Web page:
§ Mr. Horatio Ross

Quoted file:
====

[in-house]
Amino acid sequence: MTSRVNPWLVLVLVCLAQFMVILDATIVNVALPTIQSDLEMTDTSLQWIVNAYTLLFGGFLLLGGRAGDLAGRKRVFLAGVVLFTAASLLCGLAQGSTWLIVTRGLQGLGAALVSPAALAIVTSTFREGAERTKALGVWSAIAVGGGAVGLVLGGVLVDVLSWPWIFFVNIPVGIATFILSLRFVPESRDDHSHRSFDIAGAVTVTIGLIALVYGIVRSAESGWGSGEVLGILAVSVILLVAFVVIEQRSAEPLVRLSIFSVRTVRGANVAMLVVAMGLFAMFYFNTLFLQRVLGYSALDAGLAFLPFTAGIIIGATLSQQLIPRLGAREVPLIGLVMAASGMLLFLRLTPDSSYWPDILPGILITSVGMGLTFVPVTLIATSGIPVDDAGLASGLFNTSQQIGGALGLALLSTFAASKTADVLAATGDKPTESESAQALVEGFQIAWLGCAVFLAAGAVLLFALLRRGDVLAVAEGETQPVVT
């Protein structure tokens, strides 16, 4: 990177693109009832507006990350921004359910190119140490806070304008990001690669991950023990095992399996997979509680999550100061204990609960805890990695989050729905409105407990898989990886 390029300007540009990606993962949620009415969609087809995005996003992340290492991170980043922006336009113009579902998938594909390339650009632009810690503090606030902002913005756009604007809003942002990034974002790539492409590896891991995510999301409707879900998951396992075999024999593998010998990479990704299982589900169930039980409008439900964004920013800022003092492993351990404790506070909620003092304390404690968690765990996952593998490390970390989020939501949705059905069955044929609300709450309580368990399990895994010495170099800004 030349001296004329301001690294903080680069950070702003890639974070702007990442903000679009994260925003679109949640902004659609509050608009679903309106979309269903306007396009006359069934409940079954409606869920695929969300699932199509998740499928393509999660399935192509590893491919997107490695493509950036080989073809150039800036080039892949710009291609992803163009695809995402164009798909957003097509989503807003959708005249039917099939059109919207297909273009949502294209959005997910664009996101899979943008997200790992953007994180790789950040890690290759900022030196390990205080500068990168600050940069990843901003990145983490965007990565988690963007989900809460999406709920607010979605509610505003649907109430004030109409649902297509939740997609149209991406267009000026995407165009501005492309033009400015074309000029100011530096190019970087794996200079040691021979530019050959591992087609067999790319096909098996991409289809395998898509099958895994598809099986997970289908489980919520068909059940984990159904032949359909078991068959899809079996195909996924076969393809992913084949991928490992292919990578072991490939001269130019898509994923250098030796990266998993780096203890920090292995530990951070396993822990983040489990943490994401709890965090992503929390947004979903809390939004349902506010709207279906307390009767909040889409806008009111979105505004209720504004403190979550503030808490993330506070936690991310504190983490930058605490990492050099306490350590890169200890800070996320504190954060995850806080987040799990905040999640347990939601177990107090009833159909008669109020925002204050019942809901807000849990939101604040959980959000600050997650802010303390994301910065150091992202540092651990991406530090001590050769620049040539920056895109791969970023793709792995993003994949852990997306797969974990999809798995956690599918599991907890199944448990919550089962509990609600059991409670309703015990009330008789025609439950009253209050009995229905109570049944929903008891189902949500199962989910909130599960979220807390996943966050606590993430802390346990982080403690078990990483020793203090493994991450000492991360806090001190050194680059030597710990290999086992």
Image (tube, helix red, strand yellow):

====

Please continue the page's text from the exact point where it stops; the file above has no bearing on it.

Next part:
stated, that he had a Petition to present, very numerously signed by the inhabitants of the Burgh of Baniff, which referred to a subject of great importance, and one in which all the Burghs of Scotland took a deep interest. The petitioners prayed, that the present system of Municipal Government in the Scotch Burghs might be reformed, and that the resident Burgesses and Citizens might have the power of electing their Magistrates and Town Councils. When he informed the House, that for some hundred years past the Magistrates and Town Councils had had the power of electing their successors, who, in their turn, invariably re-elected their predecessors; that the whole influence, both parliamentary and local, had been vested in certain families, as a sort of heir-loom, they could not be surprised that the inhabitants of those burghs complained loudly of this system, and that they anxiously looked for redress at as early a date as possible. He (Mr. Ross) had had this petition in his possession for a considerable time, but had refrained from presenting it, as he did not wish to embarrass his Majesty's Ministers, during the progress of the Reform Bill, by calling upon them to bring forward more extensive measures of Reform. Now, however, as they had triumphantly carried that great measure, he thought the time was come when it was necessary to call 152 their attention to the subject. He was quite aware that nothing could be done this Session; but they might, during the months that must elapse before a Reformed House of Commons could be elected, and meet for the despatch of business, draw up a bill for reforming the municipal government of the Scotch burghs, and be prepared to submit it to Parliament at the commencement of the next Session. He could assure the House that, next to the great question of Parliamentary Reform, there was no subject in which his countrymen, residing in towns, took so lively an interest as in that of Burgh Reform; they would never rest satisfied until the gross abuses and absurdities of the present mode of election were completely eradicated. His Majesty's Ministers were the fittest persons to devise, and carry into effect, a proper plan of Burgh Reform; and, if they took the matter up in the manner in which he was sure they would, they should, in the event of his sitting in the next Parliament, receive his most cordial support and assistance; but if, on the other hand, they neglected this subject, he should, very early in the next Session, again bring it forward; and, if no person of greater experience undertook the task, he should consider it his [duty to bring in a bill to reform the abuses of the present municipal government of the burghs of his country,—Petition to be printed.